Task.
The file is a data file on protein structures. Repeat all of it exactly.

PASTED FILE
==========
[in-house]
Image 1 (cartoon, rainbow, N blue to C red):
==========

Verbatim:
[in-house]
Image 1 (cartoon, rainbow, N blue to C red):